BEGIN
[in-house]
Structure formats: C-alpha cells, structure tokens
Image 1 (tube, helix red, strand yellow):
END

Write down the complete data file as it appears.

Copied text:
[in-house]
Structure formats: C-alpha cells, structure tokens
Image 1 (tube, helix red, strand yellow):